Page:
Reed College Canyon

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Reed canyon is a 28-acre watershed in the heart of the campus, running east to west, dividing north from south, and is spanned by two pedestrian bridges and a land bridge. Home to a growing population of wildlife and native plants, the watershed includes the headwaters of Crystal Springs Creek, a tributary of the Johnson Creek Watershed, and Reed Lake, which has been deemed the oldest naturally occurring lake in Portland.

This website includes details about restoration efforts for the canyon and also its history. Please enjoy the online view, and then make plans to visit. If you are new to the Portland area, you might want to start by looking at our canyon map.

Fall Canyon Day 2014

canyon day imageJoin the Reed community in planting native trees and shrubs, removing invasives and rebuilding sections of damaged trail. The event is free and open to anyone. Tools, training, food and fun will be provided. The event will be held on Saturday, October 4th 9am 'til 3pm. Meet your friends in the canyon near the Reed waterfall, just west of the landbridge and Reed Lake.

Dress for the weather and bring gloves if you have them.

For more information email zac.perry@reed.edu or call 503-572-8636

Fresh from the Blog

Reed Canyon features on Oregon Field Guide

By Tony Moreno : 04/10/14

Watch Oregon Field Guide that highlights Crystal Springs and the Reed Canyon (starts around the 20:25 mark).

Spring Canyon Day 2014

By Tony Moreno : 02/25/14

Spring Canyon Day 2014 is coming! Saturday April 5th 9A.M.-3P.M. Join the Reed College community in restoring native plant habitat and enhancing water quality in the Reed canyon, the headwaters of Crystal Springs Creek. This event is free and open … finish reading Spring Canyon Day 2014

Pictures from Fall Canyon Day 2013

By Tony Moreno : 10/28/13

This fall Canyon Day was held on October 5th. A beautiful fall day surrounded the activities which included the removal of 6-cubic yards of invasive plant material, and the reintroduction of over 800 native understory shrubs and ground covers.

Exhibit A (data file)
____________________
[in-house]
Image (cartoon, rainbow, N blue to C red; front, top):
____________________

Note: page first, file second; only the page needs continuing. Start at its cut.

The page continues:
Looking back helps us move forward

By Zac Perry : 08/23/13

The canyon fell into the trusting hands of the ‘crew’ this past summer. Their dedication to protecting this headwater forest and the cleanest water source in the City of Portland will leave a lasting impression on this campus. Don’t let … finish reading Looking back helps us move forward

Beavers’ work, closeup

By Tony Moreno : 07/11/13

Took a walk at lunchtime around the canyon, and there’s plenty of ample signs of beaver work. Decided to take a closeup of what their dentures have been doing to one particular tree . . .

rivelli rehabilitation image Crystal Springs Headwaters Fish Passage and Restoration Project

Summer 2010 had a major restoration project in the canyon. View a video on the restoration or read about the project or view photos of the restoration. There's a great documentary exploring the history, ecology, community and educational opportunities of Crystal Springs and news coverage of the project from KGW TV, and most recently from an article  and a video covering the restoration from the Portland Tribune.


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Videos! Canyon Field Notes

Find out what's happening in the canyon with Zac Perry, canyon guru, as he brings you info about bees, canyon restoration, and more. View videos.


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Canyon Plants

If you're interested in the botany of the Pacific Northwest, be sure to visit our plants page. We have photographs and descriptions of many of the native plants found in the canyon, as well as a page of information about our invasive species.


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Weblog

View our weblog for canyon-related notes, updates, and images; canyon users can share their wildlife observations and other notes about what's going on.

If you have any feedback or suggestions about the blog, drop a note to zac.perry@NOSPAMreed.edu (Take out the "NOSPAM" portion, of course). Thanks!